Mr Bashe said the government has also reintroduced the Fertilizer Bulk Procurement System (FBPS) through which the fertiliser price cap will take effect, something that will prevent traders from making arbitrary increases in fertiliser prices as seen in recent months.

Reports made it that unscrupulous traders have been hiking the price arbitrarily citing impacts of Covid-19 pandemic and the Russia – Ukraine war.

Sometimes, the increase in prices is uncalled for, hence the government decision sought to reinstate FBPS, and therefore control prices.

“I will not hesitate to forfeit the licence of any company that will not implement the FBPS and if it happens that all registered companies defy government directives, then I will have no alternative than deregistering the firms,”he said.

“I know, the country will face some fertiliser shortages in a few months, after which the situation will come to normalcy,” stressed Mr Bashe.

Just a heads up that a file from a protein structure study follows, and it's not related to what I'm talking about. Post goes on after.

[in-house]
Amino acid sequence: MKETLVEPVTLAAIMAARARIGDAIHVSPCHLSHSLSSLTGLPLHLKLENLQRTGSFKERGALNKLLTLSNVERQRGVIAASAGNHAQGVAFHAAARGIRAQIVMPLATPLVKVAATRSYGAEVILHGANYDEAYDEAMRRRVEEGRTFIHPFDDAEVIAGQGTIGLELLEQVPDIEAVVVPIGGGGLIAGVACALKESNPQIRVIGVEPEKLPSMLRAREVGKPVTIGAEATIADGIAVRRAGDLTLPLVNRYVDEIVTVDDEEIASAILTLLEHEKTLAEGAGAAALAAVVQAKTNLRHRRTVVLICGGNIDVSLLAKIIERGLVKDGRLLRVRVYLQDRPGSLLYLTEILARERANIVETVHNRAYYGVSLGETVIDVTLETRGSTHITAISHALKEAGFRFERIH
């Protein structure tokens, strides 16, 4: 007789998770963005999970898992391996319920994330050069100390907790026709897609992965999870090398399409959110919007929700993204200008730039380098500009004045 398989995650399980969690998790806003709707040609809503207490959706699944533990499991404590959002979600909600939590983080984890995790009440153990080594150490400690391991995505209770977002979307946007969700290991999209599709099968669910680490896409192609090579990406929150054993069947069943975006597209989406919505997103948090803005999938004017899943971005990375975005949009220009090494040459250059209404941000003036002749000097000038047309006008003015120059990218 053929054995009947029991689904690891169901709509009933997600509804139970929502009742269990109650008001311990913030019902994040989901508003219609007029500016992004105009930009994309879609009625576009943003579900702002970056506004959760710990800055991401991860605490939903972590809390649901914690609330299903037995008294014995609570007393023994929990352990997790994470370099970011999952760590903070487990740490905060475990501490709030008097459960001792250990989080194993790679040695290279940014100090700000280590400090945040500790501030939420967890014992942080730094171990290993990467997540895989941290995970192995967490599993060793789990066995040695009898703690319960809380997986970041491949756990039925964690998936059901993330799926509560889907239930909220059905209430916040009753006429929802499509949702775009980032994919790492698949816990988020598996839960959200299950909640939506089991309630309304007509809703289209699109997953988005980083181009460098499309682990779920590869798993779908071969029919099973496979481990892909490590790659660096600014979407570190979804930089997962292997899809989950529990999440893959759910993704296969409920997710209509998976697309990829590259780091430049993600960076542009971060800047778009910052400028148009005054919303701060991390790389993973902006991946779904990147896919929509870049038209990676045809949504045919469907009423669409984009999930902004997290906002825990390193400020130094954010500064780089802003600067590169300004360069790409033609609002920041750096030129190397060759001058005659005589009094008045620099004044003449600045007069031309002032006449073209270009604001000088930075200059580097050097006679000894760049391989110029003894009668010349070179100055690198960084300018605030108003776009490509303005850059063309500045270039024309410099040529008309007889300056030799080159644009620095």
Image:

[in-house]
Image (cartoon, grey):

Components of the fertilizer prices in Tanzania as primarily an imported commodity from international suppliers, global commodity and transport prices are the principal determinants of the price that fertilizer users in Tanzania pay for the input.

A study on fertiliser supply in Tanzania estimates the average delivered cost of fertiliser to several upcountry regional trading centres to be over $600 per tonne.

Of this price, the Free-on-Board (FoB) commodity price at the source accounted for 65 percent of the total price, whereas transport from the shipping port to Dar es Salaam and on to the trading centres accounted for 22 percent.

But, the minister ascertains that subsidies have traditionally played an important role in the fertiliser pricing where they act as an incentive to boost production by reducing costs and at the same time represent the largest element of public expenditure in agriculture.

This in turn makes such an important contribution to high crop yields, its availability and use, quality, and price are important achievements in terms of increasing fertiliser usage and boosting agricultural production.

Word from Kabudi

But, Kilosa legislator, Prof Palamagamba Kabudi said: “The subsidised fertilisers programme is much needed, appreciating for the government’s re-introduction move.